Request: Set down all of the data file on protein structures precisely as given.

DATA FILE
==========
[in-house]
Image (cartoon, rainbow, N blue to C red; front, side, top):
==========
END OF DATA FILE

[in-house]
Image (cartoon, rainbow, N blue to C red; front, side, top):